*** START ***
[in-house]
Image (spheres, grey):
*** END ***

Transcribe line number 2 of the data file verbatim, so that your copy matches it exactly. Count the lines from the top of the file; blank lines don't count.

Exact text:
Image (spheres, grey):